The program, First Impressions, was created to help residents see their community as a newcomer or traveler might see it – to get an accurate “first impression” from an outsider’s perspective.
The reason behind the program is universal – when you live in a community things become familiar and comfortable. Something that might have irritated you initially as a newcomer to the community now blends into the background. Over time it becomes very difficult to be objective. It also becomes more challenging to be completely honest with neighbors when dealing with difficult issues (i.e. the appearance of buildings, customer service, and maintenance of public facilities). In other words, local community residents often no longer see things that could be changed and sometimes also don’t have the willpower to bring up the issue of change in a public setting. It is just easier to maintain the status quo. But it becomes much harder to ignore the issue when someone from another community brings it up and the situation is discussed at a community meeting.
Originally developed by Dr. Andy Lewis with University of Wisconsin Extension, the program has been used for over ten years. During that time the program success has been recognized by others and the program has been expanded into several states and countries. Faculties from the University of Nebraska sought and were granted permission by Dr. Lewis to adapt the material for Nebraska in 2006.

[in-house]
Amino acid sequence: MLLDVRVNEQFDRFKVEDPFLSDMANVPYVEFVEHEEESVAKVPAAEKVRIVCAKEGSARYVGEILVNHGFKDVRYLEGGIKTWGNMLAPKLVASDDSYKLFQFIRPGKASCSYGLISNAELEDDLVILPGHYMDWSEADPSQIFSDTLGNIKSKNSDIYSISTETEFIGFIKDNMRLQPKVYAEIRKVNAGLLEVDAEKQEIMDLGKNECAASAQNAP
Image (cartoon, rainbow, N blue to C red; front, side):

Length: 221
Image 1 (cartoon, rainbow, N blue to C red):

So how does this program work?
Volunteers from two somewhat similar communities (size, location, county seat, etc.) agree to do unannounced exchange visits and then report on their findings. Participants become “secret shoppers” for the day to discover what they could about their sister city. They follow procedures and reporting guidelines that were provided in a fully developed guide that participants also use as a checklist. The guide strives to would insure that the evaluations and reports were thorough and somewhat uniform and to help the volunteers, minimizing training needs. The original authors designed the guide so that anyone could become a shopper if they knew what they were shopping for.
After the exchange and the report were written, the process does not stop. Town hall meetings or forums are encouraged. This is where good honest discussion happens and hopefully some action items are identified. Improved community appearance and service to travelers and newcomers is the goal.
Interested in getting this program started in your community?